African American surgeon Charles Richard Drew (1904-1950) pioneered in developing the blood bank and was an outstanding leader in the training of surgeons.
Charles R. Drew was born in Washington, D.C., on June 3, 1904, the eldest of five children. The close-knit family lived in modest circumstances and was highly respected.
Drew was educated in the Washington public schools. He earned a bachelor of arts degree from Amherst College (1926) and his doctor of medicine and master of surgery degrees from McGill University in Canada (1933). Having decided upon a career in surgery, he went to Howard University in Washington, D.C., in 1935. After the next year as a surgical resident, he was sent by Howard for 2 years of advanced study under a General Education Board fellowship to Columbia University, which awarded him the doctor of medical science degree (1940).
At Columbia, under the direction of John Scudder, Drew completed his pioneering and definitive thesis Banked Blood (1940). The Blood Transfusion Betterment Association in New York funded various programs of research; one of these, on blood plasma, was conducted by Scudder and Drew. In 1940, during World War II, Scudder suggested that the association ship dried plasma to France and England. The association appointed Drew director of its "Blood for Britain" project in September 1940.
In 1941 Drew was appointed director of the first American Red Cross Bank and assistant director of blood procurement for the National Research Council, in charge of blood for use by the U.S. Army and Navy. He criticized the policy of segregating blood racially as having no scientific basis.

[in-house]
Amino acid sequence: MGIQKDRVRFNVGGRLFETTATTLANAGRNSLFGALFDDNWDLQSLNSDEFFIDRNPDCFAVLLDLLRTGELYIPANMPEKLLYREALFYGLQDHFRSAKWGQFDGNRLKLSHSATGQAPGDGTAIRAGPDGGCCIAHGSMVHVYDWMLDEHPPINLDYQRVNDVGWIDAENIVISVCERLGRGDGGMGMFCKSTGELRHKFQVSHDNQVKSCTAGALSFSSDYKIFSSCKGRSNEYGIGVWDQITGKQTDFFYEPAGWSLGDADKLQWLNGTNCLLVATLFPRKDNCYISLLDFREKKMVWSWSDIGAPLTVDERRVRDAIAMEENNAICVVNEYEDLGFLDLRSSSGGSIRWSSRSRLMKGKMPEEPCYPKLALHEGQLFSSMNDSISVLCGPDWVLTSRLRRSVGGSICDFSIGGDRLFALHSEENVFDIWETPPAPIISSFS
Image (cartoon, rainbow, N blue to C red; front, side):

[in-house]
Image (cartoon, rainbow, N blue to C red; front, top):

In October 1941 Drew returned to Howard as head of the department of surgery and was made an examiner for the American Board of Surgery. Chief of staff of Freedmen's Hospital from 1944 to 1946, he was appointed medical director of the hospital for 1946-1947. At Howard, Drew firmly established a progressive modern surgery program. He was a dynamic and inspirational teacher. While he was still alive, eight of his residents became diplomates of the American Board of Surgery, and many more who started their training under him became board-certified and did significant work all over the world.
Drew published 19 papers, the first 13 dealing with blood therapy. The last 6 reflected broadening interests, one posthumous title being "Negro Scholars in Scientific Research."
During 6 years as chairman of the surgical section of the National Medical Association, Drew brought new vigor and standards to the group. He was in demand as a speaker, and he served on numerous boards with a wide spectrum of interests, including the 12th Street Branch of the YMCA in Washington.
Most of Drew's achievements were promptly recognized. He received the Spingarn Medal of the NAACP (1943) and honorary doctor of science degrees from Virginia State College (1945) and Amherst College (1947). In 1946 he became a fellow of the International College of Surgeons and served in 1949 as surgical consultant to the surgeon general, U.S. Army. Drew's radiant geniality and warm sense of humor endeared him to patients. He married Minnie Lenore Robbins on Sept. 23, 1939, and the couple had four children. He was killed in an automobile accident on April 1, 1950.
In 1959 the Sigma Pi Phi fraternity presented an oil portrait of Dr. Drew to the American National Red Cross. In Los Angeles the Charles R. Drew Medical Society and the Charles R. Drew Postgraduate Medical School of the Martin Luther King Jr. Hospital perpetuate his name. A health center in Brooklyn and the Harlem Hospital Center blood bank in New York City are named for him. The surgical section of the National Medical Association has an annual Charles R. Drew Forum for the presentation of original surgical research, and about 20 public schools in America have been named for him.
Further Reading on Charles Richard Drew
Three full-length studies of Drew are Richard Hardwick, Charles Richard Drew: Pioneer in Blood Research (1967); Robert Lichello, Pioneer in Blood Plasma: Dr. Charles Richard Drew (1968) and Roland Bertol, Charles Drew (1970). There are sections devoted to Drew in Ben Richardson, Great American Negroes (1945; rev. ed. 1956); Emma Gelders Steme, Blood Brothers: Four Men of Science (1959); and Louis Haber, Black Pioneers of Science and Invention (1970).